Conservationists protect and restore wetlands across the Pacific Americas Flyway
By Jessica Shea
Ducks Unlimited's C.K. Eidem grew up near the Puget Sound in Washington State. As a boy scout, he explored nature while hiking in the mountains. Eidem’s elementary school sat next to a nature preserve. He remembers going on a school outing to release salmon into the preserve’s stream. Decades later Eidem chaperoned the same salmon-releasing school trip with both his sons. With a career in conservation and a lifelong love of nature, Eidem works to conserve and restore wetlands in the Puget Sound ecoregion.
The landscapes of the Puget Sound ecoregion are diverse and dramatic. They vary from inland sea to tidal marshes to urban areas of Seattle to forest to agriculture, all crowned with snow-capped mountains in the distance. This juxtaposition of diverse habitats in close proximity leads to the diversity of wildlife.
The dozens of species of birds, including waterfowl, shorebirds, song birds, and birds of prey, inhabiting the region contribute to its beauty. The Puget Sound and its surrounding freshwater systems are especially important for migrating and wintering waterfowl of the Pacific Americas Flyway.
Important bird species in riparian habitats in the Puget Lowlands include Swainson’s thrush, yellow warbler, and great blue heron. In addition, more snow geese are coming to the area every year, and it was one of the first places in the lower 48 to see increased numbers of trumpeter swans after their decline in the U.S. The Puget Lowlands also has a large concentration of wintering bald eagles.
Ducks Unlimited and partners have been working on a variety of conservation and restoration projects in the North Puget Lowlands using funding from the North American Wetlands Conservation Act, says Eidem. To date, they have conserved 1,536 acres through project activities like restoring tidal marshes and controlling non-native plants, such as cattail. Tidal marshes are used by millions of migrating birds to breed, rest, refuel and overwinter.
Pacific Birds Habitat Joint Venture, a group of conservation partners in the Pacific Northwest, determines priority bird species based on the population trends of birds and the threats to their habitats. Farmland, including wetlands, is critical to many species of priority birds, like American wigeon and Northern Pintail ducks.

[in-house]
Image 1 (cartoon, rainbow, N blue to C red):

“Another aspect of our conservation work is what I call ‘farm plumbing,’” Eidem notes. “As farm infrastructure ages, farmers are repairing and improving drainage to make it possible to continue farming. If farmers provide drainage without water control, they chance losing the land’s wetland functions, which are important to wildlife and people. Ducks Unlimited’s projects help make the water level more reliable for the farmer and the birds by making farms behave more like wetlands in the non-growing season and drain better when it’s necessary for agriculture.” In other words, projects are designed to get water to drain better in the spring for the farmers and hold water better in the winter for the birds, making agriculture and conservation compatible.
Many of the conservation projects in the North Puget Lowlands have benefitted from grants from the North American Wetlands Conservation Act (NAWCA), which has provided funding for wetland habitat preservation projects in the U.S., Canada, and Mexico since 1989. According to Eidem, Ducks Unlimited works to obtain bird-centric funding, but the grant money also provides conservation for salmon, which is one of the priority species for Washington State.
Over the past 30 years, NAWCA has grown into one of the most significant conservation programs in history. More than 3,000 NAWCA-funded projects have conserved 30 million acres of wetlands and associated upland habitats. The projects span nearly every state, territory, and province in Canada, the U.S., and Mexico. The goal of the multi-billion dollar grant program is to guarantee waterfowl and other wetland-dependant species a diversity of habitats across the continent, from breeding to wintering grounds, in perpetuity.
NAWCA-funded projects across Canada, the U.S., and Mexico have improved birdwatching, hunting, fishing, and other outdoor recreation opportunities on public lands. Habitats conserved through NAWCA projects have far reaching impacts. For example, the conserved wetlands store water and recharge aquifers, which helps secure future water supplies. Healthy wetlands also improve water quality by removing phosphates, nitrogen, and pesticides. When wetlands are restored to their natural states, they help prevent soil erosion during floods.
“In the Pacific Northwest, I see wetlands and wetland conservation as an important part of adapting to changing rainfall and snowfall patterns due to climate change,” explains Eidem. One of the biggest challenges in the future could be sea level rise and the inundation of current habitats.
Conservation projects in the wetlands and estuaries and on the farms in the North Puget Lowlands will ensure a healthy ecosystem for the plants, animals, and people who live there.